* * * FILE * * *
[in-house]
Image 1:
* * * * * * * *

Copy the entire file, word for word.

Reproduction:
[in-house]
Image 1: